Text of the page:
Tony Russell & Richard Weize’s discography of commercially recordings by the Carter Family (In the Shadow of Clinch Mountain, Bear Family Records, 2000) credits A.P. Carter with scores of arrangements and copyright credits, including these staples:

  • “Bury Me Under the Weeping Willow”
  • “Carter’s Blues”
  • “Darling Little Joe”
  • “East Virginia Blues”
  • “Foggy Mountain Top”
  • “Hello Stranger”
  • “Homestead on the Farm”
  • “Honey in the Rock”
  • “I’m Thinking Tonight of My Blue Eyes”
  • “I’m Working on a Building”
  • “Jimmie Brown the Newsboy”
  • “John Hardy Was a Desperate Little Man”
  • “Keep on the Sunny Side”
  • “Little Darling, Pal of Mine”
  • “My Little Home in Tennessee”
  • “Sad and Lonesome Day”
  • “Storms are on the Ocean”
  • “Wabash Cannonball”
  • “Wandering Boy”
  • “Wildwood Flower”
  • “Will the Circle Be Unbroken”
  • “Will You Miss Me When I’m Gone”
  • “You are My Flower”

Came to Fame With

  • The Carter Family, 1926-1943

Performed With

  • The Carter Family, 1926-1943
  • The A.P. Carter Family (A.P., Sara, and their children Janette and Joe), 1952, 1956

Led the Way

  • Organized and propelled into a professional music career the original Carter Family, which consisted of A.P.; his then-wife, Sara; and his sister-in-law and wife’s cousin, Maybelle.
  • First recorded at the Victor Bristol sessions of July and August, 1927, considered the “big bang” of commercial country music.
  • Collected, helped to arrange, sometimes composed, and recorded scores of songs which are now at the core of the bluegrass repertoire.
  • Country Music Hall of Fame, 1970.
  • Bluegrass Hall of Fame, 2001 (induction presentation by Bill Clifton).

By the Way

  • In 1927, before Maybelle joined the group, A.P. and Sara auditioned and were invited to record for Brunswick Records in Norton, Virginia. That company wanted to develop A.P. as “Fiddlin’ Doc” Carter and featured vocalist, so he declined.
  • A.P.’s offer to clear a patch of weeds convinced brother Ezra to let his seven-months-pregnant wife Maybelle attend the Bristol sessions.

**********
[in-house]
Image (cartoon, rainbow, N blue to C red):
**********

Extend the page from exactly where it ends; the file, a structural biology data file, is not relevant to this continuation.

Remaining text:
• Appeared just once on WSM’s “Grand Ole Opry” in Nashville.
  • Virginia Route 614, which passes through Maces Spring, is now called the A.P. Carter Highway.

From the Archives

“In A.P. [the Carter Family] had one of the greatest creative song doctors in country music history.”
Charles Wolfe in The Encyclopedia of Country Music, 1998.
“There was always a professional air to the shows themselves, with A.P. announcing each number and introducing the members of the group. Sara and Maybelle sat down to play their instruments, while A.P., always nervous, wandered around the stage… After the show they would often stay the night with friends, sometimes learning new songs if their friends were musical.”
John Atkins in “The Carter Family,” Stars of Country Music, 1975.
“In November 1953… we ended up in Richmond, Virginia, and contacted A.P. and he wrote me this letter in which he says that he was hoping we could do some work together. He had this little house up in the valley that he was aiming to give us for the winter and we could have gotten our food out of his grocery store and that he was gonna get busy and book dates for us in the spring and the summer, and that we would have plenty of work. But the fact that he thought enough of me to make that offer probably is the reason I stayed in the music.”
Bill Clifton, in Rienk Janssen, Bill Clifton: Around the World to Poor Valley, Bear Family Records, 2001.